Walindi and Loloata in Papua New Guinea by Scott Bennett :: Andy Murch - Shark Diving for Dummies :: Wreck Treasures of the Santa Margarita by Carol Tedesco :: Mermaids of Jeju Korea by Bonnie McKenna :: Life Amphibious by Lloyd Godson :: U-Boat Wreck Myths vs Reality by Rob Rondeau :: Diving Christmas Island by Wandy Hochgrebe :: Coral Gardening by Austin Bowden-Kerby :: Gifts for Sea Lovers by Catherine G S Lim :: New Scuba Marketing by Nick Bostic:: Backlit photography by Kurt Amsler :: Glass Sea Creatures by Joe Peters ::
Main features in this issue include:
Impressive backlit images do not necessarily require the use of a flash. Just aim towards the surface and use the sun. Often, that is all there is to it. If you understand how to get the exposure right, that is.
Coral farms can ideally be managed by local communities and tied into restoration of coral reefs. This will also allow the indigenous communities to benefit directly from improvements in local biodiversity that follows. As cultivation will replace greenhouse culture overseas, there will also be an overall reduction in CO2-emissions.
The plight of corals reefs has become regular headlines. Hardly a day goes by without being confronted with ominous news about degradation and loss of coral reefs in some part of the world.
We were headed for the island of Kefalonia off the western coast of mainland Greece. This would be the starting point of the “Life Amphibious” underwater odyssey. The plan was to pedal a human-powered submarine 15 nautical miles (28 kilometres) through the Ionian Sea to mythical Ithaca, the home of Ulysses. In the spirit of Homer’s epic and Jules Verne’s Captain Nemo, we would soon begin our own grand voyage to Ithaca.
The brains behind this machine, four Omer submarine engineers, were on their way from Canada’s École de technologie supérieure in Montreal. Meanwhile, we had been dealt a serious blow by the Ministry of Commercial Shipping’s Port Police Management. At the eleventh hour, they rejected our request for permission to place Omer 6 in the sea.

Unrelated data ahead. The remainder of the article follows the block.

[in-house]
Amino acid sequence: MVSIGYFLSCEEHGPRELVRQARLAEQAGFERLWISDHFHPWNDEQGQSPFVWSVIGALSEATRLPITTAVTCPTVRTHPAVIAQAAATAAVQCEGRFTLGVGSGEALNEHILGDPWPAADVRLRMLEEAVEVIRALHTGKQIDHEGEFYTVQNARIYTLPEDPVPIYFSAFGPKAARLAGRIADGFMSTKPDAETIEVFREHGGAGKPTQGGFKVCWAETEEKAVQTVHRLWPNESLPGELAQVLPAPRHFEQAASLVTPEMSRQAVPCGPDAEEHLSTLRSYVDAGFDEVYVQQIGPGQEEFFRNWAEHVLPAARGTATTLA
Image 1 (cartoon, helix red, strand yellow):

My wife, Carolina Sarasiti, was glued to her phone as Andreas studied his maritime law books desperately trying to find a solution to our dilemma. It didn’t look good. The weather continued to deteriorate and all flights in and out of Kefalonia were cancelled. The Omer submarine team was stuck in Athens. The bad weather and unexpected red tape had already delayed us by a day.
I took a leisurely walk with my father-in-law and Greek engineer, Vageli Sarasiti, in an attempt to clear my head. We came across a large catamaran getting smashed against jagged rocks and scrambled on board to help. The waves were relentless. We managed to free the boat from the rocks but one of the engines was jammed solid. Vageli and I grabbed a mask, knife and torch and dived into the murky water. It was like being in a washing machine but we eventually managed to cut through the rope that was wrapped around the propeller shaft.
After sailing for 29 days across the Atlantic Ocean, we were also left wondering where the calm, warm, sparkling blue water was of which the Ionian Islands were so famous for. At least my head was clear.
When the Omer team arrived we celebrated in true Greek fashion. The project remained blocked, but their high spirits helped us forget the bad news for a while. Surprisingly, after almost two years of planning the world’s first human-powered submarine expedition we had never met before this day. They were happy that I really existed and the whole thing wasn’t just some strange prank played out by a guy in his basement!
Later in the day, continual bad weather and red tape still prevented us from testing Omer 6 in the sea. We desperately needed to get the sub in the water so I could begin my pilot training. With no time to lose, I found a nearby resort that was willing to help us out. When I returned with the good news, drills were screeching as the engineers assemble the submarine.